RALEIGH – The fine line between a fundamental right and a founding principal is getting hashed out in the court system. The U.S. Court of Appeals recently upheld a ruling on the banning of sectarian prayer before a county commission meeting.
This stems from a 2007 Forsyth County Commission meeting where the opening invocation concluded with the words: “For we do make this prayer in your son Jesus' name, Amen."
This set off a long court battle over whether this was legal. The court system says no.
“It didn't prohibit the county from having an opening prayer,” said Frayda Bluestein with the UNC School of Government. “What it said was you have to it with the constitutional prohibition of the state in establishing a particular religion or promoting a particular religion.”
Each day when lawmakers are gaveled into session at the General Assembly, the day begins with a prayer. In the State House, lawmakers give the prayer, and there is not any restriction about what can be said during that prayer.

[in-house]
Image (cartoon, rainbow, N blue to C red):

Judge Niemeyer, who wrote the dissenting opinion, agrees with this practice. Some legal scholars say perhaps there should be some restrictions on what is said before session.
“If you had 400 legislators all giving Christian prayers that would seem to be inconsistent with the Fourth Circuit's opinions,” says Greg Wallace with Campbell University Law School.
One thing there is no question about coming out of this ruling is that the court believes some sort of non-denominational prayer should be allowed to continue at governmental meetings.
It is expected that the Forsyth County Commission will appeal this decision to the Supreme Court.